WHITE SULPHUR SPRINGS — The Hot Springs Savage Heat are back after a year-long hiatus.
In 2016, Hot Springs dominated the rest of 6-Man football on its way to its second 6-Man title in school history. Due to enrollment numbers, Hot Springs was set to go up to the 8-Man level. However, record-setting tailback Trevor Paro and his classmates graduated in the spring, leaving a massive void in the Savage Heat roster.
Hot Springs ultimately forfeited its entire 8-Man varsity schedule in 2017, opting to play a junior varsity schedule in the 8-Man ranks due to a lack of numbers. The Savage Heat have returned to the 6-Man classification this fall where they feel right at home.
“Obviously, we want to play football. We played some JV games in 8-Man and got what we could out of it, but ultimately this is where we want to be playing,” Hot Springs head coach Jim Lawson said.
The program appears to have not skipped a beat in the year off from 6-Man. Hot Springs traveled to White Sulphur Springs last weekend where they took on a talented and experienced Hornets team. White Sulphur Springs returns five starters from last year’s team that lost in the semifinals of the playoffs.
Although Hot Springs fell just short in the final seconds, losing 20-18 after a missed two-point kick attempt, the Savage Heat sent a subtle reminder that they’re to be considered among 6-Man’s best teams.
“I think, being as we played them so closely and I feel like the game could have went either way, it puts us right up there with them,” Lawson said. “I know we take the loss and I give (White Sulphur Springs) a lot of credit, but I think we’re right up there with them. And they’re going to be up there with the tops teams in the state.”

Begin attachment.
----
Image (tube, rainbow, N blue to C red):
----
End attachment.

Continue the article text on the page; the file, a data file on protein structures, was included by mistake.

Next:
“They were looking forward to this game,” Lawson said of the Hot Springs players. “Just having a big game like this early in the season and get tested and see what they can do and where they’re going to be at, they’ve been excited.”
Hot Springs is still thin in numbers — just nine players suited up against White Sulphur Springs – so injuries could derail things quickly. But four of those nine had substantial playing time on Hot Springs’ 2016 title team.
That core group has continued the culture of success in Hot Springs, even during the year away from varsity competition. Lawson said the commitment of the kids training on the field and in the weight room never wavered.
Even in a tough 6-Man West division, Lawson is confident his Hot Springs squad can find its way to the playoffs. While Lawson admitted the West is wide open and should be more competitive than people realize, he expects the Savage Heat to be playing in November.
“We want to be competitive and we expect to be. The kids expect it, everybody does,” Lawson said.
Hot Springs (1-1 overall, 0-1 conference) faces another stiff test Friday, hosting West Yellowstone (2-0, 2-0)